It had been nearly six years since I'd been to Recife, where I visited on my first trip to Brazil. At the time, everything was so new and exciting that I was fascinated by every single place I went, so after living and traveling in Brazil and going back, I was curious to see how'd I feel about the city. I didn't have very much time, but I think I actually liked it even more.
The mixture of the stunning coastline, the incredibly rich history, the beautiful colonial architecture, the food, and the urban center all together gives the city a feel that is somehow distinct from Rio or other historic coastal cities in Brazil. It actually reminded me much more of the Caribbean this time; wandering through the outdoor markets in Centro, I felt I could have been in Santo Domingo. On the other hand, other parts of the city feel more like Miami, with rows and rows of high rises. It's a weird mix, but it works.
I also think that while Rio has had a renaissance in the last few years, you can feel Brazil's growth and development much more acutely in Recife. Not only is the sense of optimism strong, but the signs of construction, new businesses, and the growing middle class are nearly everywhere you look. That's not to say there's no longer poverty; you can see the favelas as you fly in, and there are still people living on the streets. But based on what I've read, this trend of exploding development is all over the northeast. So for those looking to see change and development in Brazil, it's a good idea to head north.
That said, the cult of Lula is strong here, since he is originally from Pernambuco. Dona Lindu Park, named after the former president's mother, was built on the waterfront a few years ago, and now has a theater and leisure area. There park also has this statue of Dona Lindu and all of her children.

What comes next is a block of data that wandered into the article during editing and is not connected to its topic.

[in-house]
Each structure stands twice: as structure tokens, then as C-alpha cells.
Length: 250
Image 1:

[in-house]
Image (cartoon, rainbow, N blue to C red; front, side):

The other thing I noticed this time was the Pernambuco accent. It used to sound strange to my ears, even to the point of being a little irritating, but this time for some reason, I got used to it, and even grew fond of it.
Recife doesn't seem to be an obvious destination for American tourists; many of the foreign tourists I saw were European. But beyond Rio and Salvador, for example, Recife is the perfect mix of beaches, culture, and history, with plenty to explore outside the city and along the coast. There's so much to see.
But one of the problems is getting there. I had to fly through São Paulo, three hours in the wrong direction when flying from the U.S. There are direct flights from Miami, but I did quite a few searches using different dates, and only came across them occasionally. Now, tourism officials are in talks to establish a direct flight from Recife to New York, which would be pretty great.
So I guess what I'm saying is that if you've already seen Rio and São Paulo, it's time to head north. It's well worth it.